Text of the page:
Does the Cambridge Diet work?
That’s the question people want the answer to the most, so it’s worth remembering that every body is different and so diets will work differently on every body. Plus, you can’t easily create this diet plan at home. If you do opt in, experts from the brand stress the importance of doing everything by the book.
There are six types to try including the weight plans you’ll be looking at:
- Sole Source: Eat 3-4 Cambridge Diet meal products each day (consuming 415-554 cals, lasting 1 week minimum/12 weeks maximum)
- Sole Source +: Eat 3 Cambridge Diet meal products and 200ml of skimmed milk each day (consuming 615 cals a day, lasting 1 week minimum/12 weeks maximum).
- Step 2: Eat 2 Cambridge Diet meal products plus protein-rich foods, skimmed milk and some vegetables (consuming 810 calories a day, lasting 1 week minimum).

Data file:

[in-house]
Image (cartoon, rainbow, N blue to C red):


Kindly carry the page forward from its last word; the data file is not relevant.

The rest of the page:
- Step 3: Eat 2 Cambridge Diet meal products plus skimmed milk, breakfast and salads for lunch and dinner (consuming 1000 calories for 2 weeks).
- Step 4: Eat 2 Cambridge Diet meal products plus skimmed milk, breakfast, lunch and dinner (continue for 2 weeks).
- Step 5: Eat 1 Cambridge Diet meal product plus skimmed milk, breakfast, lunch, dinner and snack (continue for 2 weeks).
- Maintenance: Eat a healthy diet plus your choice of Cambridge Diet products (continue indefinitely).
A nutritionist’s verdict?
Bottom line: low-calorie diets like the Cambridge Diet are not sustainable. “They very much fit into the category of a diet fad, and if your ultimate goal is weight loss, there are much healthier means of losing weight than following this diet,” shares Windas.
Her advice? Work with a nutritionist and adopt a sensible calorie deficit, while making sure you’re building balanced plates full of your macronutrients (protein, carbohydrates and healthy fats). “This will provide you with unbiased, tailored and bespoke dietary advice to meet your personal health goals, and you achieve long lasting healthy change in not only body composition, but also in mind and general wellbeing,” she shares.